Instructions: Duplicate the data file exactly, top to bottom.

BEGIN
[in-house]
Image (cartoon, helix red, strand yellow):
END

[in-house]
Image (cartoon, helix red, strand yellow):